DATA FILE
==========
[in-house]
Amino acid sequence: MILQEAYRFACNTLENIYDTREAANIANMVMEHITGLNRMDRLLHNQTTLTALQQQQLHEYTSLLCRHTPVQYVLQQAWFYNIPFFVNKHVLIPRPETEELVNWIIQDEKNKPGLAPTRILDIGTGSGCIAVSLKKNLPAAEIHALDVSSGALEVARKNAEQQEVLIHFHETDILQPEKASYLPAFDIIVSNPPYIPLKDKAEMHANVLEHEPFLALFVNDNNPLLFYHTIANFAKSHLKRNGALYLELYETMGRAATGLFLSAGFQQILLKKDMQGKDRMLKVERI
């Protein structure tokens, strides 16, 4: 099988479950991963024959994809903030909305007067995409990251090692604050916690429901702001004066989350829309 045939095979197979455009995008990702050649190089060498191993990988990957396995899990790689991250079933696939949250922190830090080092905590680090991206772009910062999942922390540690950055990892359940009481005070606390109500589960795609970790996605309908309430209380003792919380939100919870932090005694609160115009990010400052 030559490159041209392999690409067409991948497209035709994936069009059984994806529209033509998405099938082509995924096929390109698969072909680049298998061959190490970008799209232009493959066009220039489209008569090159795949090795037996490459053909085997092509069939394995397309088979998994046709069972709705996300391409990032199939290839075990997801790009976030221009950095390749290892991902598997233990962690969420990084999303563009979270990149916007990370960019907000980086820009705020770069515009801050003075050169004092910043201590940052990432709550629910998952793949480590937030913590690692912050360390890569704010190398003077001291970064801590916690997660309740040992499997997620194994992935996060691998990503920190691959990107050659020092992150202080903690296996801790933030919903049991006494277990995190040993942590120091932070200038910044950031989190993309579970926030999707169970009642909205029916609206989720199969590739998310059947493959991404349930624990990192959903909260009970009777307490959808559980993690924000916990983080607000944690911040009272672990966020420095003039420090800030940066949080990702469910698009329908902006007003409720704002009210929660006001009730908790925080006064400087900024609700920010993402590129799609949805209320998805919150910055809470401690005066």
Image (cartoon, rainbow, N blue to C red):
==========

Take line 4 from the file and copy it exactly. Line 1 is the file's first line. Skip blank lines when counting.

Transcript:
Image (cartoon, rainbow, N blue to C red):